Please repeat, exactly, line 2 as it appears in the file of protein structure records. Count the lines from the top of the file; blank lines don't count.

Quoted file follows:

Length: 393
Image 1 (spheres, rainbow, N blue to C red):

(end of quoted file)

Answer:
Image 1 (spheres, rainbow, N blue to C red):